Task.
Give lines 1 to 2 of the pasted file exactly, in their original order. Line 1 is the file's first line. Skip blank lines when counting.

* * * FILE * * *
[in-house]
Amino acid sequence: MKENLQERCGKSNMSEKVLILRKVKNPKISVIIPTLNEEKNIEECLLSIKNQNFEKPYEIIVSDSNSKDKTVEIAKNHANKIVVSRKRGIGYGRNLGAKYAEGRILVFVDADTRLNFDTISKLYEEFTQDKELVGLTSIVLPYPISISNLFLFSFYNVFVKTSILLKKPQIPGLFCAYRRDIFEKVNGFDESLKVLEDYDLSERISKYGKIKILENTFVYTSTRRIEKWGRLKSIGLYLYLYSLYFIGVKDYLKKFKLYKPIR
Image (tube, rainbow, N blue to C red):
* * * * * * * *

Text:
[in-house]
Amino acid sequence: MKENLQERCGKSNMSEKVLILRKVKNPKISVIIPTLNEEKNIEECLLSIKNQNFEKPYEIIVSDSNSKDKTVEIAKNHANKIVVSRKRGIGYGRNLGAKYAEGRILVFVDADTRLNFDTISKLYEEFTQDKELVGLTSIVLPYPISISNLFLFSFYNVFVKTSILLKKPQIPGLFCAYRRDIFEKVNGFDESLKVLEDYDLSERISKYGKIKILENTFVYTSTRRIEKWGRLKSIGLYLYLYSLYFIGVKDYLKKFKLYKPIR